Why AA? Reasons therapists recommend you go to AA.

By David Joel Miller, MS, Licensed Therapist & Licensed Counselor.

AA big book

Alcoholics Anonymous big book.

Why do professionals send you to A.A?

Therapists and Counselors treat people with all sorts of serious and persistent mental illnesses so why do they recommend that clients with a drinking problem attend AA meetings?

It turns out that attending meetings provides a lot of benefits that a single therapy session each week can’t provide. In substance abuse treatment programs the standard treatment, after you are over the most immediate problems connected to your drinking or drugging, consists of recommending that clients attend twelve-step meetings.

Here are some of the reasons why professionals recommend A.A.

The 12 steps include a focused system of change.

Embedded in the “working” of steps are the elements of problem identification, change steps, and a program of maintenance. While a therapist may help you work on one problem, depression, or anxiety, the steps are a way of changing your thinking about life and all your problems.

Some people’s only problem is drinking too much, they just quit and are fine. Many others find that once they stop, all the problems they had before they drank are back in force. It takes more than putting the bottle down to stay sober.

Attending meetings helps creates a new set of friends that are clean and sober.

One critical issue in recovery is relapse triggers; hanging out with your old drinking or drugging friends results in a high risk of relapse. Finding friends that do not drink and use requires a change. The more sober friends you make the more support you will have in staying sober.

Seeing others who have changed is very encouraging.

When your therapist tells you that people can change and do recover, you may say yes some people do, but what about me? When you attend meetings and hear the stories of those who have turned their lives around it becomes easy to believe you can do this, especially with the help of people who have themselves recovered.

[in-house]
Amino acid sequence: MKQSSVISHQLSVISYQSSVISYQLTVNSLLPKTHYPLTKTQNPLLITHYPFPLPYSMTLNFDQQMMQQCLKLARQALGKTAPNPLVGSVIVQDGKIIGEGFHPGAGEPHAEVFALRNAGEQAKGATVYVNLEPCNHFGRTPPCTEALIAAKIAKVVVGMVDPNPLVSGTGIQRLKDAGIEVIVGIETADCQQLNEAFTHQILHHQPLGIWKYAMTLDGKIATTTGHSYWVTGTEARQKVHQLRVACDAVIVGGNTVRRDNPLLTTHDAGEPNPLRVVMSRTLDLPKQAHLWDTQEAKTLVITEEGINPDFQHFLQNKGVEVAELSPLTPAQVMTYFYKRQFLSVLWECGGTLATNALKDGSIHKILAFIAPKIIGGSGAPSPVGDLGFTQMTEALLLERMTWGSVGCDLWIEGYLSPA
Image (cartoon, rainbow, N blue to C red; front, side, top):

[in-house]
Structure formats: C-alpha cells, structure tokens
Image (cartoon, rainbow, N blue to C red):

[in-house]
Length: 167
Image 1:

The longer you stay connected to therapeutic recovery the better the chances.

Continuing to stay in treatment for up to two years has been shown to create better results. Most therapy programs will not cover or include two years of aftercare. A.A. while not professional treatment is a free or very low-cost way to continue to have “booster shots” of recovery for as long as you need them.

Sometimes when I work with mental health clients, I find myself wishing this client had a drinking problem also, and then I could give them a referral to A.A.

There is a serious shortage of self-help, peer recovery groups for those with mental health issues. The few that do exist are often modeled after the 12 step system.

Therapists and counselors do not customarily work the steps with clients. That is something we encourage them to do at the 12 step meeting. What we should do is a process called 12 step facilitation, in which we explain A.A. or other self-help groups, how they work, what the steps are, and encourage people to participate in the meetings.

The posts I write about A.A. or other self-help groups are from my perspective as a therapist and clinical counselor and do not necessarily reflect the views of AA World Services. For more on AA and their program of recovery check out the “AA Big Book” titled Alcoholics Anonymous at the links below or contact AA World Services at their website.

The Big Book of Alcoholics Anonymous

The classic text on Alcoholism, recovery this is the book that started off the whole 12 step phenomenon.

Alcoholics Anonymous from The Anonymous Press

One of the Kindle editions – At 99 cents this is such a bargain. This edition needed a separate listing. No Kindle reader? No Problem, if you have a computer you can download a free Kindle reader.

Staying connected with David Joel Miller

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4 thoughts on “Why AA? Reasons therapists recommend you go to AA.